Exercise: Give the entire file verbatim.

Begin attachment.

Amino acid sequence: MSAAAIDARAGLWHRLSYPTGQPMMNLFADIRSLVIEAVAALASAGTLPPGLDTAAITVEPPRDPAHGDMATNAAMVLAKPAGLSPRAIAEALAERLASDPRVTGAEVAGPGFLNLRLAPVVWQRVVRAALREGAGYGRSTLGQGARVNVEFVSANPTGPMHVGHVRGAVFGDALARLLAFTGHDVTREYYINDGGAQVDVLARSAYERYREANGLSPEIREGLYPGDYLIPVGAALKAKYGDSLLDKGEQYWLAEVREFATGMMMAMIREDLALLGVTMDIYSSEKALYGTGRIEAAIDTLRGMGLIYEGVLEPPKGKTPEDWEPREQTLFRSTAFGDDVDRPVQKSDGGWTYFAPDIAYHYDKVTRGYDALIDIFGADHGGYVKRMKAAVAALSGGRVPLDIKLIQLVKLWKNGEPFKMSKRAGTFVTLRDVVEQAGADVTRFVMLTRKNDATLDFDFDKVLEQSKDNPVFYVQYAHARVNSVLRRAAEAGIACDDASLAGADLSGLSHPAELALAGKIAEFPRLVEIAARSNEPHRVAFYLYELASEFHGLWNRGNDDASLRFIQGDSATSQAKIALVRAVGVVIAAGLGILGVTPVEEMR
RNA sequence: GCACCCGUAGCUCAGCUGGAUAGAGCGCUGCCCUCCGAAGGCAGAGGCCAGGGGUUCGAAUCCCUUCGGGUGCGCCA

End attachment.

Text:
Amino acid sequence: MSAAAIDARAGLWHRLSYPTGQPMMNLFADIRSLVIEAVAALASAGTLPPGLDTAAITVEPPRDPAHGDMATNAAMVLAKPAGLSPRAIAEALAERLASDPRVTGAEVAGPGFLNLRLAPVVWQRVVRAALREGAGYGRSTLGQGARVNVEFVSANPTGPMHVGHVRGAVFGDALARLLAFTGHDVTREYYINDGGAQVDVLARSAYERYREANGLSPEIREGLYPGDYLIPVGAALKAKYGDSLLDKGEQYWLAEVREFATGMMMAMIREDLALLGVTMDIYSSEKALYGTGRIEAAIDTLRGMGLIYEGVLEPPKGKTPEDWEPREQTLFRSTAFGDDVDRPVQKSDGGWTYFAPDIAYHYDKVTRGYDALIDIFGADHGGYVKRMKAAVAALSGGRVPLDIKLIQLVKLWKNGEPFKMSKRAGTFVTLRDVVEQAGADVTRFVMLTRKNDATLDFDFDKVLEQSKDNPVFYVQYAHARVNSVLRRAAEAGIACDDASLAGADLSGLSHPAELALAGKIAEFPRLVEIAARSNEPHRVAFYLYELASEFHGLWNRGNDDASLRFIQGDSATSQAKIALVRAVGVVIAAGLGILGVTPVEEMR
RNA sequence: GCACCCGUAGCUCAGCUGGAUAGAGCGCUGCCCUCCGAAGGCAGAGGCCAGGGGUUCGAAUCCCUUCGGGUGCGCCA